FDA's Drug Safety Panels to Discuss Acetaminophen Risk
The U.S. Food and Drug Administration's Drug Safety and Risk Management Advisory Committee, Nonprescription Drugs Advisory Committee, and Anesthetic and Life Support Drugs Advisory Committee will meet June 29-30 to discuss how to address the public health problem of liver damage that can be caused by taking too much acetaminophen, often by accident, in prescribed and/or over-the-counter medications. The meeting will take place at the University of Maryland University College Inn and Conference Center, 3501 University Blvd. East in Adelphi, Md. (phone 301-985-7300), and FDA said it plans to make background material available to the public at least two business days before the meeting begins.
"FDA recognizes that acetaminophen is an important drug used to treat pain and fever in both [OTC and prescription drugs] and is not seeking to remove it from the market. The risk of developing liver injury to the individual patient who uses the drug according to directions is very low. However, acetaminophen containing products are used extensively, making the absolute number of liver injury cases a public health concern," the meeting notice stated.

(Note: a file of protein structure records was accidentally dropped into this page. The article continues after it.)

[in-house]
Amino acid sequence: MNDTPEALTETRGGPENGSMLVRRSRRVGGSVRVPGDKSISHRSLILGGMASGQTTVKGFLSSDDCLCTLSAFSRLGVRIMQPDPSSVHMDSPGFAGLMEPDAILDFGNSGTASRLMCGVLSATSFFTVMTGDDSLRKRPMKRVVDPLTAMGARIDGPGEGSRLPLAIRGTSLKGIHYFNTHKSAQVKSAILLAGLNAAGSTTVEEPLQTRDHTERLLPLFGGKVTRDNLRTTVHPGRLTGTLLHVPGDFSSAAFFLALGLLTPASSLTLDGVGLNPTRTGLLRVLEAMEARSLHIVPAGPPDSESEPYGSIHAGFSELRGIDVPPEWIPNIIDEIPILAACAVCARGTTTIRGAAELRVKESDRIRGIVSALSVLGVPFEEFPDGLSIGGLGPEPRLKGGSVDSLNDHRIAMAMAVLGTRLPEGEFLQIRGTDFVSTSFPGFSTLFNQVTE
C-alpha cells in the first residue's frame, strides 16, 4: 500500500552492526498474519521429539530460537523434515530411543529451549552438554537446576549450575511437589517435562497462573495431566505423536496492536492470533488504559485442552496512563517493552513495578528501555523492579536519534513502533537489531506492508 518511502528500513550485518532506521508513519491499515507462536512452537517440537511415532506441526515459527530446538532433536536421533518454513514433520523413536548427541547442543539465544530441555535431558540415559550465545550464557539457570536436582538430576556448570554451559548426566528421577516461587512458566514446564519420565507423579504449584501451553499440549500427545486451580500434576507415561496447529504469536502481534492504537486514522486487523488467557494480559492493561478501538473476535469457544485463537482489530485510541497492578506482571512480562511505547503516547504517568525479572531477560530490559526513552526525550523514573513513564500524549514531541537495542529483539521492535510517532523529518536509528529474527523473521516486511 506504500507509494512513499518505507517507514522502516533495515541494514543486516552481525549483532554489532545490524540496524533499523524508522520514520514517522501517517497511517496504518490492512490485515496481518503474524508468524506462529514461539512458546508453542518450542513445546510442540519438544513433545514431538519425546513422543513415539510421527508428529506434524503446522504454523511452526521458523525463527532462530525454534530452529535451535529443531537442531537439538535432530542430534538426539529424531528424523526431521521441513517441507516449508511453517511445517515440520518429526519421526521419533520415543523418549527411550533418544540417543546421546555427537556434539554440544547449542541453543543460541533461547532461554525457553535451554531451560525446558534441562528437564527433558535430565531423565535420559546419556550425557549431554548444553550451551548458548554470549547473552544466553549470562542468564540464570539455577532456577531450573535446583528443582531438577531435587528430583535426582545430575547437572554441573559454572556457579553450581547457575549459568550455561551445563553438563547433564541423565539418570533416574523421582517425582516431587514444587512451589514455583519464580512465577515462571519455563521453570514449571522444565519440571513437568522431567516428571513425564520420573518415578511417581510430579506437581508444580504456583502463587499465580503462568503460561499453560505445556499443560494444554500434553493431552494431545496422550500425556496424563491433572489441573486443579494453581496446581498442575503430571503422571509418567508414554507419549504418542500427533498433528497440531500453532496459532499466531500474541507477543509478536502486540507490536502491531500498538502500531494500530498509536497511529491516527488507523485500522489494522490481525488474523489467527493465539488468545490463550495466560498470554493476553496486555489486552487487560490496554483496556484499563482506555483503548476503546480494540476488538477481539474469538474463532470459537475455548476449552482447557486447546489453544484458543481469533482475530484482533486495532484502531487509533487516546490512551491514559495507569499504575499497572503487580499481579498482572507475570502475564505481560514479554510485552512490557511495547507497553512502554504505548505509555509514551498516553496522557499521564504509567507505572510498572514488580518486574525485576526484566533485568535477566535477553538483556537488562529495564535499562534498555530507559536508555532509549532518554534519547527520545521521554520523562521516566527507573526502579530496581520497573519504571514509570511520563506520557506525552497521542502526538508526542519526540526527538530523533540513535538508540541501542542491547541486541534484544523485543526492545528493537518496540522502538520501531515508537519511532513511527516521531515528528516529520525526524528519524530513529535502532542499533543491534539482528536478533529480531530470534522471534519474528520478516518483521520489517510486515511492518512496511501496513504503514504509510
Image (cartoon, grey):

To submit an electronic comment, go to www.regulations.gov, enter FDA-2009-N-0138 Liver Injury Related to the Use of Acetaminophen, and follow the prompts to submit the comment. Comments submitted by June 8 will be provided to the committees before the meeting, according to the notice.
The notice cited a study [Larson, A.M., J. Polson, R.J. Fontana, et al., Acute Liver Failure Study Group (ALFSG), "Acetaminophen-Induced Acute Liver Failure: Results of a United States Multicenter, Prospective Study," Hepatology 2005, Dec;42(6):1364-72] that combined data from 22 specialty medical centers in the United States and found acetaminophen-related liver injury was the leading cause of acute liver failure for the years 1998 through 2003. About half of the cases involved unintentional overdoses, but there were also many cases of intentional self-poisoning. It also cited a 2007 study [Bower, W.A., M. Johns, H.S. Margolis, et al., "Population-Based Surveillance for Acute Liver Failure," The American Journal of Gastroenterology 2007;102:2459-63].
This problem has been known for more than a decade. An FDA final rule in 1998 required all OTC acetaminophen products to include an alcohol warning in labeling; an advisory committee four years later recommended a specific liver toxicity warning on OTC packages; and FDA launched a public education campaign in 2004 to help consumers use acetaminophen more safely. In 2007, the director of FDA's Center for Drug Evaluation and Research convened a working group to evaluate the issues and consider additional steps FDA could take to reduce cases of acetaminophen-related liver injury. The working group's report will be available by or around May 22, 2009, at this site. Once there, click on the year 2009 and scroll down to the appropriate advisory committee link.